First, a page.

Building Counselling Relationships

Introduction

The most important element in a counselling relationship, whether a single session or long-term counselling, is the quality of the relationship between the counsellor and the client. For this reason, basic counselling courses spend a large amount of time on how to effectively build relationships.

There are five factors influencing the counselling process:

  1. Seriousness of the presenting problem (the more distressed a client is, the greater improvement they will experience)
  2. Structure (helping clients understand what counselling will involve, setting time limits and expectations, etc.)
  3. Client initiative or motivation
  4. The physical setting in which counselling occurs
  5. Client and counsellor qualities

Seriousness of Presenting Problem

The more distressed a client is when they first come in for counselling, the greater the reduction in distress they will experience during counselling. (Leibert, 2004)

Edwin Schneidman once said that the more intense the crisis, the less trained an individual needs to be to respond. This is why many individuals are talked down from bridges by totally untrained individuals while the management of low-level suicidal ideation requires extensive clinical training.

Structure

The structure of counselling helps build relationships by providing expectations. This involves setting practical limits like an understanding of the length of sessions, explaining what will happen during each session, letting clients know what they can do in emergencies or high-risk crisis situations, and other elements that impact the procedure of counselling.

Most clients experience anxiety before the counselling session so the more expectations will help.

Client Initiative

Clients may be reluctant to enter counselling or even mandated to attend because of the legal system, mental health treatment or other situations. Gladding and Alderson (2012) give several suggestions for how clients can help provide initiative to clients:

  • Anticipate the feelings a client may display
  • Demonstrate understanding, acceptance and a non-judgemental attitude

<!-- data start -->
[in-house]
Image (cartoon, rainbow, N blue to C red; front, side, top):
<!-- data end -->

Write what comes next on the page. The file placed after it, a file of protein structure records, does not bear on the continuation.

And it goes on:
• Try to persuade clients of the benefits of proceeding through counselling
  • Use of gentle confrontation (point out how client behaviours are moving them away from their goals)

Physical Setting

Pressly and Heesacker (2001) noted that physical elements in a counselling office can contribute to the development of the counselling relationship. For instance, brighter colours were associated with more positive emotions, while softer light was associated with more positive feelings than more intense light.

As well, physical barriers between client and counsellor (like a desk) has been associated with reduced perception of empathy.

 

Empathy

Empathy is the ability to enter a client’s world and understand their perspective. (Rogers, 2007) Empathy may be separated into two categories: primary empathy and advanced empathy. Primary empathy is the ability for a counsellor to respond in a way that shows they’ve understood the situation a client is experiencing. (Singh, 2015) This is the level of empathy that crisis line workers aim for. On the Carkhuff and Truax Scale this is level 3 or Interchangeable or Reciprocal Level of Responding.

Advanced empathy is a more indepth procedure, helping to bring elements the client was holding subconsciously or below their awareness. (Veach, LeRoy & Bartels, 2003)

Building an Effective Working Alliance

While a counsellor can use empathy during their conversation during a client to begin building the relationship they need to continue establishing the 3 components required for an effective working alliance identified by Horvath (2001). Working Alliance consists of three components:

  1. Agreement about what goals to be accomplished in therapy
  2. Agreement about tasks (how will those goals be accomplished)
  3. Bond between counsellor and client

Attending Behaviour

Attending behaviour is the physical and behavioural choices a counsellor makes in order to show a client that they are paying attention. The acronym SOLER (Egan, 2007) is one acronym to remember how to show attending in person. The SOLER elements apply only to those in Western (North American or other British cultures) – it is important to modify your approach for other cultural backgrounds.

  • S – Sit Squarely
  • O – Open Posture
  • L – Learn Towards the Client
  • E – Eye Contact
  • R – Relax

References

Egan, G. (2007) The Skilled Helper: A Problem Management Approach to Helping. 8th ed. Thomson Brooks/Cole: Belmont, CA.

Gladding, S. T., & Alderson, K. G. (2012). Building counselling relationships. In B. Brandes (Ed.) (2016), Introduction to counselling (2nd Custom Edition) (pp. 113–140). Toronto, ON: Athabasca University/Pearson Education Canada.

Horvath, A.O. (2001) The Therapeutic Alliance: Concepts, Research and Training. The Australian Psychologist. 36(1). 170-176. doi: 10.1080/00050060108259650